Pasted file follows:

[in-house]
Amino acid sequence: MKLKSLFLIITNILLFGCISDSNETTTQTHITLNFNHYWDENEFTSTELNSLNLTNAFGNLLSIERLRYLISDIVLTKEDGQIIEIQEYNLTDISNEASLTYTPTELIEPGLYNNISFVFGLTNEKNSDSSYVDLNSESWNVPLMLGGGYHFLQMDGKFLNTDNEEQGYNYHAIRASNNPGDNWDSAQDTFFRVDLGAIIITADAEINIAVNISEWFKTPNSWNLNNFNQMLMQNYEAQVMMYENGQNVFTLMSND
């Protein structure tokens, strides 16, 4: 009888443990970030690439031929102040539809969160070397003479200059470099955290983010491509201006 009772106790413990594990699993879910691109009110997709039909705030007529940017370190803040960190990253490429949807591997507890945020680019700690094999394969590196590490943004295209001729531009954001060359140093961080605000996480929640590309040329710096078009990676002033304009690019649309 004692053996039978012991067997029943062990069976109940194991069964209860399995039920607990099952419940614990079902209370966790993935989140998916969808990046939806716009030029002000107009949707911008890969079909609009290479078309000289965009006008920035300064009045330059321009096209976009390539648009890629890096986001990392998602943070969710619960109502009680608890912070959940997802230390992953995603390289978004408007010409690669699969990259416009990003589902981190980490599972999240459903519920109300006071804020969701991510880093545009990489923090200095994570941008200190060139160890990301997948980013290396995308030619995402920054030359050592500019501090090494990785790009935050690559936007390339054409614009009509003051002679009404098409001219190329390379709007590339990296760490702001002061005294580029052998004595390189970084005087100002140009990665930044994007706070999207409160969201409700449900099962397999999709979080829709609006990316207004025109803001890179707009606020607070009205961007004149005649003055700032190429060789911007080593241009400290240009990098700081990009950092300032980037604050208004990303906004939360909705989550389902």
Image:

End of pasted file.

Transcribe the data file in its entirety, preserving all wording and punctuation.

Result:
[in-house]
Amino acid sequence: MKLKSLFLIITNILLFGCISDSNETTTQTHITLNFNHYWDENEFTSTELNSLNLTNAFGNLLSIERLRYLISDIVLTKEDGQIIEIQEYNLTDISNEASLTYTPTELIEPGLYNNISFVFGLTNEKNSDSSYVDLNSESWNVPLMLGGGYHFLQMDGKFLNTDNEEQGYNYHAIRASNNPGDNWDSAQDTFFRVDLGAIIITADAEINIAVNISEWFKTPNSWNLNNFNQMLMQNYEAQVMMYENGQNVFTLMSND
């Protein structure tokens, strides 16, 4: 009888443990970030690439031929102040539809969160070397003479200059470099955290983010491509201006 009772106790413990594990699993879910691109009110997709039909705030007529940017370190803040960190990253490429949807591997507890945020680019700690094999394969590196590490943004295209001729531009954001060359140093961080605000996480929640590309040329710096078009990676002033304009690019649309 004692053996039978012991067997029943062990069976109940194991069964209860399995039920607990099952419940614990079902209370966790993935989140998916969808990046939806716009030029002000107009949707911008890969079909609009290479078309000289965009006008920035300064009045330059321009096209976009390539648009890629890096986001990392998602943070969710619960109502009680608890912070959940997802230390992953995603390289978004408007010409690669699969990259416009990003589902981190980490599972999240459903519920109300006071804020969701991510880093545009990489923090200095994570941008200190060139160890990301997948980013290396995308030619995402920054030359050592500019501090090494990785790009935050690559936007390339054409614009009509003051002679009404098409001219190329390379709007590339990296760490702001002061005294580029052998004595390189970084005087100002140009990665930044994007706070999207409160969201409700449900099962397999999709979080829709609006990316207004025109803001890179707009606020607070009205961007004149005649003055700032190429060789911007080593241009400290240009990098700081990009950092300032980037604050208004990303906004939360909705989550389902």
Image: